# This script simulates why we have to devide by n-1 when calculating the variance of a sample
library(ggplot2)
# Create a 100 random datapoints with a mean of 15 and a standard deviation of 5
population = rnorm(100,15,5)
# Make a dataframe and add an ID column
population = as.data.frame(cbind(ID=1:100,Height=population))
# Let's check out how the values are distributed
ggplot(population,aes(x=Height))+
geom_histogram()
#Create an empty object that will hold the results of the simulation
simulation=NULL
# a so-called loop: Do something n-times (here 1000 times)
for(i in 1:1000){
# take 10 samples from the population
sample = sample(population$Height, 10)
# calculate the variance with n=10
variance_sample = sum((sample-mean(sample))^2)/10 # n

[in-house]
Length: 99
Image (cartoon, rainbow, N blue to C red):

# calculate the variance with n-1
variance_sample_n1 = sum((sample-mean(sample))^2)/9 # n-1
# calculate the variance the variance of the population with N
Variance_Population =sum((population$Height-mean(population$Height))^2)/100
# Bind all the results together and save it in the simulation object
simulation= as.data.frame(rbind(simulation,
rbind(cbind(Run=i,Methode="n",Variance=variance_sample),
cbind(Run=i,Methode="n-1", Variance=variance_sample_n1),
cbind(Run=i,Methode="N", Variance=Variance_Population))))
}
# The Variance column was converted to a factor in the process, so we have to convert it to numeric again
simulation$Variance = as.numeric(as.character(simulation$Variance))
# Plot of the result
ggplot(simulation, aes(x=Methode,y=Variance))+
geom_boxplot()
# You can re-run this code multiple times, n-1 will produce more acurate estimates.